|Issue:||Asia-Pacific II 2003|
|Topic:||Fixed-Line Strategies v Mobile in China|
|Author:||Julian Watson and Jessica Ramakrishnan|
|Title:||Head of Telecoms Practice & Senior Research Analyst|
|Organisation:||Asia World Market Research Centre – WMRC|
Julian Watson is the Head of Telecoms Practice at World Markets Research Centre (WMRC). Mr Watson began his career at WMRC as a research analyst covering the former Soviet Union. Before joining WMRC, he served as a market analyst at the International Financial Services London and at London Capital Consultants. Mr Watson earned his BA degree, with honours in politics, Russian and Parliamentary Studies at Leeds University. He speaks fluent Russian and French. Jessica Ramakrishnan is the Senior Research Analyst for Asia at WMRC. She was a senior reporter at Corporate Location, Euromoney Institutional Investor business publication, before joining WMRC. She specialises in Asian mobile telecommunications. Ms Ramakrishnan was awarded a BA degree in Politics and Development Studies from the University of London, School of Oriental and African Studies. In addition to English, she speaks Malay fluently.
China’s PAS, or Personal Access System, is a quickly deployed, fixed-wireless system that provides mobility within a given metropolitan area, but does not allow inter-city roaming. It gives fixed-line players a cost-effective way to counter the mobile operators’ GSM/CDMA alternatives and boost short-to medium-term revenues. Competition from PAS systems has forced mobile operators to cut prices considerably. Migration from PHS to full mobility and next-generation services, though, creates an entirely new set of problems for the fixed-line operators.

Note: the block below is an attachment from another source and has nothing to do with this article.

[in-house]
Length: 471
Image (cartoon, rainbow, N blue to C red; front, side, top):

The Fixed-line Challenge Over the past few years fixed-line around the world has faced two key strategic challenges: the limited potential for growth in fixed lines – as most households only need one telephone line the acceleration of competition from fixed-line and mobile carriers. This has resulted in ongoing revenue loss from their core voice businesses, while revenue growth from data communications and broadband services has failed to meet expectations. These negative trends form only part of the picture. Over the same period, many incumbent operators have also invested in the rollout of domestic 2G networks. They have tried to tap into the growing demand for mobile connectivity. This demand is driven by longer working hours, less time spent at home, ongoing growth in the mobile workforce and in emerging markets, the inadequacy of fixed-line infrastructure. Mobile operators claim that ‘we all need a mobile phone’ and this have proved to be prophetic. In all developed and many emerging markets the number of mobile subscribers by now far surpasses fixed-line subscribers. For many fixed-line operators the erosion of fixed-line revenues has, at least partially, been offset by strong growth in mobile revenues. No Bundle Without Mobile Mobile growth has helped fixed incumbents such as France Telecom and Telecom Italia, but not all incumbents have robust cellular arms. There are several reasons for this, but the consequences are the same: the loss of mobile revenues and weakened customer retention strategies that suffer from the inability to offer a full range of ‘bundled’ services. Both the UK’s BT and the US’s Qwest have attempted to rectify this weakness by re-entering and strengthening their domestic mobile operations through alliances with competitors. Both, nevertheless, have missed out on the opportunity to exploit organic wireless growth and will probably remain bit-part players in their domestic mobile markets. China Telecom in 1998 China Telecom in 1998 seemed to be in a situation similar to BT in November 2001. The following factors made the 1998 outlook for ‘subscriber and revenue’ growth at China Telecom quite uncertain: the lack of mobile operations while the Chinese market saw its greatest growth eliminate access to early adopters and high spending business users uncertainty about government policy towards granting 2G licenses and the likelihood of forming partnerships with competitors vulnerability to fixed-line substitution by modern low-cost mobile competition uncertainty about future revenues from data and broadband services given evidence of slow growth in developed markets. Forward to 2003 By the middle of 2003, China Telecom’s overall prospects look far brighter – at least for the next two years. This turnaround has come about through China Telecom’s adoption and commercial deployment of a legacy technology, PHS, adapted for the Chinese market. PAS, or Personal Access System, is a fixed wireless system that, like PHS, gives the subscriber mobility within a given metropolitan area, but not beyond. It does not allow inter-city roaming. It is cheaper to deploy than cellular alternatives because it exploits the existing fixed-line infrastructure. PAS base stations are also cheaper than the GSM/CDMA alternatives. Consequently, end-user prices are lower than those for the cellular offerings of China Mobile Ltd and China Unicom. The low PAS prices offered by both China Telecom (northern China) and China Netcom (southern China), coupled with rapid network deployment, have led to rapid growth in PAS subscribers. By the end of June 2003, there were an estimated 20 million subscribers to the PAS service known as ‘Little Smart’. By August 2003 strong PAS additions by both China Telecom and Netcom had pushed total monthly additions to the fixed-line network to 4.2 million – only 0.5 million less than total monthly mobile network additions. Not only has ‘Little Smart’ reinvigorated China Telecom’s fixed-line subscriber and revenue growth, but during 2002 and 2003 has forced both mobile operators into a series of price cuts, leading to a 10 per cent decline in China Mobile’s monthly ARPU (average revenue per user) in the first six months of 2003 and a 12 per cent fall in China Unicom’s ARPU over the same period. PAS Looks Good for at Least Two More Years In the short term, the prospects for continuing PAS growth are positive. Little Smart will be the main driver of fixed-line voice revenues at China Telecom during the next two years, at least. This will be due to pent-up demand for cut-price mobility services, further deployment of PAS networks – including the Ministry of Industry’s mandated entry into Beijing, Shanghai and Guangzhou – and the launch of a dual mode PAS/GSM handset. Although its mobile competitors will continue to cut prices, it is likely that the steepest cuts are over. China Mobile HK and China Unicom are focusing more on ‘upselling’ their subscribers to wireless data services before the launch of 3G services in 2005/6. In the meantime, the Ministry of Information Industry’s restrictions on PAS spectrum allocation are limiting the competition China Telecom will face in the PAS market. What to do about 3G is the BIG question for China Telecom for 2004. PAS has grown rapidly; there has been a 67 per cent increase in China Telecom’s PAS subscribers in the first half of 2003. This was due to rapid deployment, low costs resulting from the leveraging of existing infrastructure and affordable handsets and tariffs. Still, these factors will not help China Telecom to migrate low-end wireless customers to high-end 3G services or capture the higher-end customers of China Mobile HK or China Unicom. For China Telecom, PAS has proved to be a successful short-to medium-term defence of its voice market share. PAS has also helped China Telecom to build up its wireless subscriber base, but the limited mobility of the service will not attract high-end subscribers in the longer term. PAS and 3G The emergence of 3G will not, however, prove the death knell for PAS in the Chinese market. As in other markets, China Telecom’s legacy (PAS) networks will co-exist for a number of years with 2.5G and 3G networks. Although economic growth in China and rising personal incomes, means a greater number of people can afford GSM/CDMA services, there will always be a segment of the market which neither has the money nor the need for value-added services. Therefore, PAS growth will likely taper off in the medium term, but will still be attractive for certain segments of the population. Despite 3G’s well-publicised problems – handset shortages, high cost, spotty service – this is the only viable option for China Telecom and China Netcom to tap into high-end revenue growth. Both operators would have preferred to enter the mobile market earlier though the launch of GSM or CDMA services, but they did not have this option. Although the development of a dual-mode PAS/GSM handset by UTStarcom marks a form of limited convergence and will have a positive impact on short- to medium-term PAS growth, China Telecom and China Netcom will need to build out their own greenfield 3G networks in order to build a mobile subscriber base for the long term. Following the issuance of 3G licences, China Telecom will divert the bulk of its spending from PAS to 3G, but this strategy ushers in a series of new risks: timing risk: The Chinese government has not announced when 3G licences will be issued. New 3G licences are not expected to be issued before mid-to-late 2004. The longer this takes, the longer China Telecom will lack access to higher-spending segments of the Chinese mobile market technology risk: the government might mandate the use of TDS-CDMA for its 3G network. The Chinese government is investing tens of millions of US dollars developing this standard, but it may not be fully interoperable with CDMA 2000 and WCDMA networks and the handsets might not allow TDS-CDMA to roam on other types of 2G and 3G networks investment risk: China Telecom will seek to mitigate investment risks through network sharing and such, but it will still be investing in a network to provide value-added services for which there is uncertain demand competition risk: China Telecom will face tough competition from China Mobile HK and China Unicom, which have large 2G/2.5G subscriber bases and better established wireless data offerings bundling risk: China Telecom and China Netcom currently offer a package of services that includes PAS and fixed-line voice, in selected areas. This is likely to be expanded to include broadband Internet (DSL) in the future, but it is unclear how 3G would fit in the bundled service offering. PHS Beyond China PAS has, to date, provided China Telecom a fresh fixed-line revenue stream and proved moderately successful in countering the threat from mobile operators. Still, in the longer term PAS is not the appropriate platform to generate mobile revenues for China Telecom. However, there are a number of other markets where the potential for rapid growth in PHS services exists, including India, Indonesia and Vietnam. These markets will primarily be driven by the following factors: low fixed-line penetration and the fixed-line operators’ need to reduce their waiting lists, particularly in rural areas, using PAS for relatively low-cost, rapid deployment GSM/CDMA services are too expensive for most residential users limited demand for next-generation services over the next few years. Of the three markets, India is the ripest for growth. Trials with a number of Indian service providers are already in progress. China Telecom is also interested in investing abroad and would like to replicate its success with PAS in other countries. In these countries, as in China, the deployment of PHS gives fixed-line operators the opportunity to defend their market share against mobile competition and generate new revenues by providing low-cost, limited mobility services. This strategy is particularly well suited to emerging markets, where PHS deployments form a low investment/low risk alternative to greenfield GSM deployment. Nevertheless, longer-term strategies must aim towards providing fully mobile voice services with data add-ons.